Influence of Changing Rainfall Patterns on the Yield of Rambutan (<em>Nephelium lappaceum</em> L.) and Selection of Genotypes <br>in Known Drought-tolerant Fruit Species for Climate Change Adaptation

  • Pablito M. Magdalita University of the Philippines Los Baños
  • Ronaldo B. Saludes University of the Philippines Los Baños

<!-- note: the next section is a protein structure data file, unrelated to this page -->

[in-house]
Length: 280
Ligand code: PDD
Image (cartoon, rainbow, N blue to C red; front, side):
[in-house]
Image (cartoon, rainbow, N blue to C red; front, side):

In fruit crop production, rainfall, water stress, temperature, and wind are key variables for success, and the present changes in rainfall patterns could affect the flowering and yield of the rambutan (Nephelium lappaceum L). Other fruit species like macopa (Syzygium samarangense), siniguelas (Spondias purpurea), and native santol or cotton fruit (Sandoricum koetjape) remain productive despite extreme climatic changes. This study assessed the influence of rainfall on rambutan yield and evaluated and selected tree genotypes of known drought-tolerant fruit species. Rambutan yield in a selected farm in Calauan, Laguna, Philippines, dropped remarkably from 152.2 kg/tree in 2008 to 8.6 kg/tree in 2009. This reduction could be attributed to the high rainfall in April 2009 at 334.4 mm, and possibly other environmental factors like temperature, relative humidity, solar radiation, and strong wind. Furthermore, wet months in 2009 also inhibited the flowering of rambutan. However, a low yield obtained in 2010 at 45.5 kg/tree could be partly attributed to the very low rainfall in May 2010 at only 9.1 mm. On the other hand, in relation to changing climate, selection of tree genotypes for use as varieties in known drought- and flood-tolerant fruit species based on important fruit qualities like sweetness, juiciness, and high edible portion was done. Among 103 macopa genotypes, Mc-13, 43, and 91 were selected and the best (i.e. , Mc-13) had sweet (7.15 °Brix) and crispy fruits weighing 49.44 g, creamy white (RHCC 155 A), and had high edible portion (EP, 93.22%). Among 114 siniguelas genotypes, Sg-41, 42 and 105 were selected and the best selection (i.e., Sg-41), had sweet (12.50 °Brix) and juicy fruit weighing 20.42 g, ruby red (RHCC 59 A), and had high EP (83.27%). Among 101 native santol genotypes, Sn-47, 59, and 74 were selected and the best selection (i.e. , Sn-59) had relatively sweet (5.56 °Brix) and juicy fruits weighing 51.96 g, maize yellow (RHCC 21 B), and had high EP (82.20%). These selections are recommended for planting in marginal and drought-prone areas for climate change adaptation. In addition, they can fare better in flooded areas in the face of climate change since they are very hardy, and have woody and strong roots that can resist strong wind and increasing amount of rainfall brought about by climate change. Keywords: Climate change, rainfall, macopa, native santol, rambutan, siniguelas

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